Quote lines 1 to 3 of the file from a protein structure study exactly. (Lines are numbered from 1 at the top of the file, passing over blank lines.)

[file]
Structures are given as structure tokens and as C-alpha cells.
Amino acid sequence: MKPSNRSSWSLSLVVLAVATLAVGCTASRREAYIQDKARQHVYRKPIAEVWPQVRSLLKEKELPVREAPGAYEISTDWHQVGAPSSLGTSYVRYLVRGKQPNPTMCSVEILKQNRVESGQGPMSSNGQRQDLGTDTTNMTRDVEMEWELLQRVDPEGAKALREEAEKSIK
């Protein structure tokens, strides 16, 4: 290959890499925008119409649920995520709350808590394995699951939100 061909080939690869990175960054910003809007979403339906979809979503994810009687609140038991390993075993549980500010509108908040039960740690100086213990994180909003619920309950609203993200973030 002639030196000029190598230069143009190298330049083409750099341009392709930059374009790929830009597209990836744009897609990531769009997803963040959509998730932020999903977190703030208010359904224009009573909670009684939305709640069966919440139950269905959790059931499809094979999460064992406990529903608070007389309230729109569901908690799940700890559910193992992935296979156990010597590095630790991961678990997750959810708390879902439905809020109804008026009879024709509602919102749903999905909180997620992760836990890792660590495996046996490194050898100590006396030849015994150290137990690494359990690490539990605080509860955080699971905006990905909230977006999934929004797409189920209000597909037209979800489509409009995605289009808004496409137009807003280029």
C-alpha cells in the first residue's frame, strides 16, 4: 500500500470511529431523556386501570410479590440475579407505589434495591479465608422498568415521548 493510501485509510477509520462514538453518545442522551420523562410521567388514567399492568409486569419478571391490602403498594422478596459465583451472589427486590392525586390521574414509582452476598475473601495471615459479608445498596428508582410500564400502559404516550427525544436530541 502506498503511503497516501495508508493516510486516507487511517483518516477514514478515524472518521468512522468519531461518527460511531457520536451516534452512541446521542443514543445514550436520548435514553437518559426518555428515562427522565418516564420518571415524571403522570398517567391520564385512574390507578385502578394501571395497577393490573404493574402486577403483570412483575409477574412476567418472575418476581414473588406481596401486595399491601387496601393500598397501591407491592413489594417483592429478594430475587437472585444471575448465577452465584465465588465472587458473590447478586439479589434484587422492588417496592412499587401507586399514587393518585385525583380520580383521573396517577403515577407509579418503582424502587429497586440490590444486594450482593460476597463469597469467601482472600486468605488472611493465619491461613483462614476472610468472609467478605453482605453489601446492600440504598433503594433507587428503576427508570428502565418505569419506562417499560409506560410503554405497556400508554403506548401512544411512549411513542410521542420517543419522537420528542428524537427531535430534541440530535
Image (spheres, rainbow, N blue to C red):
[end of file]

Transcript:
Structures are given as structure tokens and as C-alpha cells.
Amino acid sequence: MKPSNRSSWSLSLVVLAVATLAVGCTASRREAYIQDKARQHVYRKPIAEVWPQVRSLLKEKELPVREAPGAYEISTDWHQVGAPSSLGTSYVRYLVRGKQPNPTMCSVEILKQNRVESGQGPMSSNGQRQDLGTDTTNMTRDVEMEWELLQRVDPEGAKALREEAEKSIK
């Protein structure tokens, strides 16, 4: 290959890499925008119409649920995520709350808590394995699951939100 061909080939690869990175960054910003809007979403339906979809979503994810009687609140038991390993075993549980500010509108908040039960740690100086213990994180909003619920309950609203993200973030 002639030196000029190598230069143009190298330049083409750099341009392709930059374009790929830009597209990836744009897609990531769009997803963040959509998730932020999903977190703030208010359904224009009573909670009684939305709640069966919440139950269905959790059931499809094979999460064992406990529903608070007389309230729109569901908690799940700890559910193992992935296979156990010597590095630790991961678990997750959810708390879902439905809020109804008026009879024709509602919102749903999905909180997620992760836990890792660590495996046996490194050898100590006396030849015994150290137990690494359990690490539990605080509860955080699971905006990905909230977006999934929004797409189920209000597909037209979800489509409009995605289009808004496409137009807003280029």